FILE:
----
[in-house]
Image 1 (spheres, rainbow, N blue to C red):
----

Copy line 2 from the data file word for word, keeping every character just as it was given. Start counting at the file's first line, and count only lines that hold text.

Image 1 (spheres, rainbow, N blue to C red):